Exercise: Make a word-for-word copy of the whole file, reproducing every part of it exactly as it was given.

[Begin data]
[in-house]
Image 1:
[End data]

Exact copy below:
[in-house]
Image 1: